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The annual NEC Classic Motor Show is a mecca for all classic car enthusiasts. To get the most out of the show, you really need to make a weekend of it. With around 3,000 vehicles on display across six halls, and 270 classic vehicle clubs, it seems almost impossible to see everything in a single day, but we certainly gave it a good go!

As we moved around the halls, we were on the lookout for the interesting and exceptional. There were so many vehicles to see and appreciate, so here are just some of our highlights.

Starting in Hall 8, which this year was dedicated to all things Ford. The coral colour MKII Ford Consul Hi-Line Convertible on the Ford MKII Consul, Zephyr, Zodiac Owners Club really caught our attention. Another interesting vehicle in the ‘Ford hall’ was a 1962 Ford Saxon on the Ford Classic & Retro Sports Cars stand. The Ford Saxon was a British designed and made prototype, mainly aimed at the American market. had a great display featuring a mixture of stock and modified vehicles. The fresh out this year, fully race-prepped 300e Van on the club’s stand was a real crowd pleaser.

Moving into Hall 4, we loved the colour-themed display of Morris Minor Millions on the Morris Minor Owners Club. Launched by BMC in 1961 to celebrate the millionth Morris 1000, 350 Morris Minor Millions were made, and they were painted in a jubilant shade of lilac.

Also sporting a pastel paint scheme was the fun Austin ice cream van on the Austin A30-A35 Owner’s Club stand. A 1939 Morris 8 Series E Tourer also caught our attention on the Morris Register stand. This car is being used for the club’s own young enthusiast’s car loan scheme. There was a lovely display of classic Wolseley’s on the Wolseley Register stand; the Wolseley 21/60 ‘County’ was particularly interesting with the built-in luggage boot. The standout car in Hall 4 for us, had to be the pale blue coach built 1954 Riley Royale on the Riley R M Club stand, this car was absolutely stunning.

More car clubs were to be found in Hall 5, as well as the motorbike showcase. On two wheels, a 1968 Lambretta 150 caught our eye, and after a quick chat with the owner, it transpired that this scooter was making its debut at the show! We were also drawn to a smart 1961 green Vauxhall Cresta on the Vauxhall Cresta Stand, a yellow Triumph MKII GT6 on the Triumph 2000, 2500 stand, and a 50th anniversary display of Toyota Celica’s on the Toyota Enthusiasts Club stand. The Triumph Sports Six Club had a great display as usual, including the only factory produced Triumph Vitesse 1600 Coupe.

The Classic Corvette Club UK featured a mix of Corvette models spanning the decades, and the NSRA was joined by their Hot Rod Supernationals Participants Choice winner, the outstanding Matford Woodie. It was also great to see a traditional style Ford Model A on the stand which won the young rodder award at the same event.

The Rootes car clubs were to be found in Hall 3, as well as a unique display of DeLorean’s on the DeLorean Owners Club stand. Over on The Imp Club, we loved the rally look 1976 Hillman Imp Caledonian, and the outstanding 1939 Sunbeam proudly position on the Sunbeam Talbot Alpine Register stand.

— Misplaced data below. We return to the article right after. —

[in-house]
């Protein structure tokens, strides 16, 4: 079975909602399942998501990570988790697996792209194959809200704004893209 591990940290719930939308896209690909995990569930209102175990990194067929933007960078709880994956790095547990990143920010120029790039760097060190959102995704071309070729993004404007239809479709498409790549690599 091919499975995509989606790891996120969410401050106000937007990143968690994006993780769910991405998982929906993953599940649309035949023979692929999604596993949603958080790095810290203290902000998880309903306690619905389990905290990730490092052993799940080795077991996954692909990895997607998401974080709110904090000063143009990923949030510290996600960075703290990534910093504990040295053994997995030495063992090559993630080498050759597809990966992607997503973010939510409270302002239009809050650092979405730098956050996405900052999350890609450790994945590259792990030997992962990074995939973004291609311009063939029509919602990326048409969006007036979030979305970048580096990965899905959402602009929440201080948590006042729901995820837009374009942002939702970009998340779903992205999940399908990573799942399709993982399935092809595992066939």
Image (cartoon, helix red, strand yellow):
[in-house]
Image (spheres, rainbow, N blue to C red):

Another exceptional vehicle was the Sunbeam Harrington Le Mans display on the Sunbeam Alpine Owners Club. The MG Octagon Car Club had the world’s first MGYB on show, and Hillman Owners Club was celebrating the 90th birthday of the Hillman Minx and the 60th birthday of the Hillman Superminx.

Hall 2 hosted the auction zone. It was the first time that Silverstone Auctions had hosted a dedicated motorcycle auction at the show which included a mixture of bikes, scooters, café racers, and sidecars. It was also great to see a 1979 VW Type 2 Camper Van auctioned for charity on Saturday, and a 1987 Ford Sierra RS Cosworth with only 5,545 miles on the odometer sold for £103,500! We also found our friends at The Bug Club, who’ve recently celebrated 50 years of the Bond Bug, and Middlebridge Scimitar in Hall 2, both clubs had great displays.

Last but not least, Hall 1 – yes, we did walk the halls in reverse order! The TVR Car Club was encouraging the next generation of enthusiasts with the 40% scale TVR Chimaera. This child sized TVR was built during the Covid lockdown from December 2020 to spring 2021. Another vehicle that caught our eye in Hall 1 was an early 1922 Aston Martin ‘Sajito’ on the Vintage Sports Car Club stand. This heritage racer had an interesting ownership and competitive racing history. The cars featured on The Independent Porsche Enthusiasts Club were a credit to the club and we particularly enjoyed the 1992 Porsche 968 Coupe on display.

Finally, we get to our car of the show. Our 1934 Mercedes-Benz 130H (W23) on The Mercedes-Benz Club stand. This vehicle was the smallest production passenger car of the time, and also the first rear engine, four-cylinder car from Daimler-Benz A.G. You’ll also notice that this car has something in common with the VW Beetle; both cars share the same designer and have many similar design characteristics.

So, these were our 2021 NEC Classic Motor Show highlights and a snapshot of just some of the interesting and exceptional vehicles on display. We hope you enjoy the photos, and if you attended the NEC Classic Motor Show, we would love to hear your highlights too.